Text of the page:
Updated 9.45am

Calls for a ban on mass events are growing after the number of active COVID-19 cases shot up to 26.

Malta had previously whittled down active cases to nearly zero, even going several consecutive days without a single new case.

However, after one person tested positive for the virus on Thursday, another six were found on Friday and a further 14 people tested positive on Sunday. The Health Ministry said that nine of the latest cases were linked to the Hotel Takeover Party of the previous weekend, while three others were sporadic and two imported. That party is now linked to 15 cases in all.

None of the cases required hospitalisation and all were recovering in their own homes, the ministry said.

The Union of Professional Educators – Voice of the Workers, said on Sunday it had been reliably informed that English language students had tested positive, part of the same cluster. It did not give a figure.

The sudden spike has caused questions to be raised over the relaxation of preventive measures, with a growing call for a ban on mass events.

'We're practically asking for it'

Medical Association of Malta president Martin Balzan told Times of Malta that it was “playing with fire” to have a relaxed attitude and behaving as if the coronavirus had gone away.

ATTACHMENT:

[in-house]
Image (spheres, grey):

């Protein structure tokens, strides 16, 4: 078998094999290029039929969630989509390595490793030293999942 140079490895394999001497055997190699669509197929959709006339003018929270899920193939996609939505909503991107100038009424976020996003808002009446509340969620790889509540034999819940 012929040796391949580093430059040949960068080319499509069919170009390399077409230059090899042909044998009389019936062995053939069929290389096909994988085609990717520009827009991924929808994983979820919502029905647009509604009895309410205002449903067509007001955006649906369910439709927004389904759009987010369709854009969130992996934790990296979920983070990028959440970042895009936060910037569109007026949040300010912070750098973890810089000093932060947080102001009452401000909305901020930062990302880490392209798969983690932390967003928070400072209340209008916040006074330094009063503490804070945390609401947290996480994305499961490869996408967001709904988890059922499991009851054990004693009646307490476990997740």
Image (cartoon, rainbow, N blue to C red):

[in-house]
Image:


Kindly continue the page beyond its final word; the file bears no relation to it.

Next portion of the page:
“If we let our guard down we’re practically asking for it,” he said.

“Continuing to court tourists from all over Europe through large scale events is irresponsible. We have to strike a clear balance between protecting the economy and protecting ourselves from COVID-19.”

If we let our guard down we’re practically asking for it

Balzan also said that opening up the airport to ‘high risk’ countries, in which he included the likes of the UK, France and Spain, was a gamble, and that allowing travellers to enter the country freely without quarantine was risky.

By contrast, Prime Minister Robert Abela has downplayed the spike, saying he was determined to maintain normality and keep the country open for business.

“Those fomenting fears whenever there is a new case stand no chance of creating panic,” he said at the Labour party’s general conference in Cospicua, on Sunday.

End mass events - MEA

However, a major business lobby, the Malta Employers Association (MEA), called for an immediate end to mass events, saying that it was “ridiculous” to risk gains made in fighting the virus to parties and village band marches.

“There can be no winners if there is a surge in cases brought about by mass events,” the association said.

“Besides the obvious impact and dangers posed to public health, many employers and employees have made tremendous sacrifices in the battle against COVID – lost productivity, reduced pay packet, working flexibly, mandatory quarantine for vulnerable groups among others.

“Most companies have coped by digging into internal reserves to avoid declaring redundancies, but they will not hold out if there is a second wave, especially if it is of our own making by surrendering to pressures by some lobbies for their short-term interests.”